In the six months since the Asthma Health app has been available, it's already throwing up some interesting interim findings.

"The participants using our app on a regular basis reported improved exercise capabilities via surveys, and we saw supporting objective evidence of this finding with a statistically significant increase in step count (as automatically measured by Apple HealthKit) over different time periods and study cohorts," Dr Yvonne Chan, director of digital health and personalised medicine at the Icahn Institute at Mount Sinai, told ZDNet.

The app has also enabled the school to get more people with severe asthma symptoms involved in the research than might otherwise be likely.

"We were able to recruit more patients with more poorly-controlled and severe asthma than one typically expects in a traditional research study. This is an important demonstration of the value of the ResearchKit platform, since traditionally, patients with poorly controlled and severe disease at baseline are more difficult to engage and enroll in clinical trials," Chan said.

Along with Asthma Health, the University of Rochester and Sage BioNetworks' mPower app was one of the first wave of ResearchKit apps. Debuting in April, the app is designed to conduct research into Parkinson's disease by collecting data on the disease's progression - how it affects a person's dexterity, balance, or gait for example.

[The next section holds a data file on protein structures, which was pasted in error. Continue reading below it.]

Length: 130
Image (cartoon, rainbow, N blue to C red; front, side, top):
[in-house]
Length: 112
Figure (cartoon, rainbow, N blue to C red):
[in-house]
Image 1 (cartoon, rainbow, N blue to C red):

Dr Ray Dorsey, a neurologist at the University of Rochester who was involved in the creation of the app, said 14,000 people have downloaded it to date. "10 to 15 percent of them have Parkinson's, so in the span of six months this is one of the largest clinical studies of Parkinson's ever conducted," he told ZDNet.

"These individuals are all enrolling without having any conversation with the clinician by and large, this isn't a doctor telling them to sign up for study, this is them going out and deciding to enrol in a research study whenever and wherever they like," he added.

In normal studies, a clinician would walk a would-be participant through the research and gain their consent for their data to be used. It can be a lengthy process with pages of forms to be read and signed.

While ResearchKit studies have done away with that time-consuming consent process, Dorsey believes it's making participants more aware of how the research works and what's happening to their data.